Paper I describes how the trapping efficiency of micro particles may be significantly increased when superpositioned electric fields are employed in a high conductivity medium. Avoiding low conductivity media is important when working with living cells. Calculations were performed to predict trajectories of Escherichia coli bacteria in the system with superpositioned electric fields, and a model was developed which employed two arrays of interdigitated electrodes in a micro channel.

    Paper II proposes a new concept for separation of micro particles, based on repetitive dielectrophoretic trapping and release in a flow system. Calculations show that the resolution increases as a direct function of the number of trap and release steps, and that a difference in size will have a larger influence on the separation than a difference in dielectrophoretic properties. Polystyrene beads in deionized water were used as a model, and calculations were performed to predict the particle behavior and the separation efficiency. It should be possible to separate particles with a size difference of 0.2 % by performing 200 trap-and-release steps. The enhanced separation power of multi step dielectrophoresis could have significant applications, not only for fractionation of particles with small differences in size, but also for measuring changes in surface conductivity.

    Paper III presents a new calculation method for predicting dielectrophoretic motion of micro particles. The method is based on a soft sphere method often used in molecular dynamics. Results from the calculations are in good agreement with theoretical predictions as well as initial experimental results, showing that the method provides good efficiency and accuracy.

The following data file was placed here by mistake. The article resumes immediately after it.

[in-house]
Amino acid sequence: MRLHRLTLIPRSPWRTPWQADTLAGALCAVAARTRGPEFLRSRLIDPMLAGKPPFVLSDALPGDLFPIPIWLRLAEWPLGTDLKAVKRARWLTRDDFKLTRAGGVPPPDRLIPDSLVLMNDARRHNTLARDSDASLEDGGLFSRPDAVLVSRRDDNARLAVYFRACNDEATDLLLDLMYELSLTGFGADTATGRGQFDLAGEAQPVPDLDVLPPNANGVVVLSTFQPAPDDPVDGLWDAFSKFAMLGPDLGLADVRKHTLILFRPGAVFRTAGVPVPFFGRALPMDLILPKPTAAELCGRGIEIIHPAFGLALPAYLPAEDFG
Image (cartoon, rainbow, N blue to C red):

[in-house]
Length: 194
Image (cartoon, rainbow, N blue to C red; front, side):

Paper IV describes a new method for measurements of conductivity of living bacteria. To obtain reliable conductivity values, it is important to handle the cells as gently as possible during the measurement process. A standard conductivity meter was used in combination with cross-flow filtration. In this way, repeated centrifugation and resuspension is avoided which otherwise may cause damage to the bacteria. The conductivity of Bacillus subtilis was determined to be 7000 μS/cm by means of the cross-flow filtration method, and the values differ from earlier published values by almost an order of a magnitude.